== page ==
Disney beats Netflix in streaming battle Business and Economy News

It had bet its future on building a streaming service to rival Netflix as viewers moved from traditional TV to online viewing.

The Walt Disney Company has surpassed Netflix Inc. with a total of 221 million streaming subscribers and announced that it will increase prices for customers who want to watch Disney+ or Hulu without commercials.

The media giant will increase the monthly cost of Disney+ without ads by 38 percent to $10.99 in December, when it begins offering a new option that includes ads for the current price.

Shares of Disney rose 6.9 percent to $120.15 in after-hours trading on Wednesday.

In 2017 Disney bet its future on building a streaming service to rival Netflix as viewers moved from traditional cable and broadcast television to online viewing.

Five years later, Disney has surpassed Netflix in total streaming subscribers. The Mouse House added 14.4 million Disney+ subscribers, beating the consensus of 10 million expected by analysts polled by FactSet, as it released the Star Wars series Obi-Wan Kenobi and Marvel’s Ms. Along with Hulu and ESPN+, Disney said it had 221.1 million streaming subscribers at the end of the June quarter. Netflix said it has 220.7 million streaming subscribers.

Current Disney+ customers will start getting the ad-supported version, unless they agree to pay more for the commercial-free plan.

“While Netflix is ​​struggling to add more customers, Disney is gaining market share,” said Investing.com analyst Haris Anwar. “Disney still has more room to grow in international markets where it is rapidly launching its service and adding new customers.”

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To help attract new customers, Disney will offer an ad-supported version starting December 8 for $7.99 per month, the same price it now charges for the commercial-free version, the company said. . The ad-supported tier is introduced to generate more revenue by giving customers the choice of how much they want to pay for the service. Hulu prices will increase from $1 to $2 per month in December, depending on the plan.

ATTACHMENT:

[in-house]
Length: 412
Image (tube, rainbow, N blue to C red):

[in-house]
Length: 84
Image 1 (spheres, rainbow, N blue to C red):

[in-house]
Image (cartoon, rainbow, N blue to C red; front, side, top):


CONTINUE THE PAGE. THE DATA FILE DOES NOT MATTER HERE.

The company is introducing an ad-supported version of its flagship service

Disney said last month it sold $9 billion worth of ads for the upcoming TV season, 40 percent of which went to its online offering.

loss of cricket rights

The company on Wednesday lowered its long-term customer forecast for Disney+ customers, blaming the loss of cricket rights in India.

Disney now projects between 215 million and 245 million total Disney+ subscribers by the end of September 2024. That’s less than the 230-260 million that Disney was forecasting.

The adjustment comes from lowered expectations for India, where the company is losing streaming rights to Indian Premier League cricket matches.

For the first time after hours, Disney took the guesswork out of the rest of Disney+ for Disney+ Hotstar customers in India.

Chief Financial Officer Christine McCarthy said Disney expects to add 80 million Disney+ Hotstar subscribers and between 135 million and 165 million others by September 2024.

McCarthy said the company still expects its streaming TV unit to turn a profit in fiscal year 2024. In the most recent quarter, the division lost $1.1bn.

For the fiscal third quarter ended July 2, Disney posted adjusted earnings per share of $1.09, up 36 percent from a year earlier, as visitors packed its theme parks. Analysts polled by Refinitiv had expected earnings of 96 cents. Operating income in the Parks, Experiences and Products division more than doubled to $3.6bn.

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Streaming losses put pressure on the media and entertainment unit, whose profit declined 32 percent to nearly $1.4 billion. Overall revenue rose 26 percent to $21.5bn from a year earlier, ahead of the analyst consensus of $20.96bn.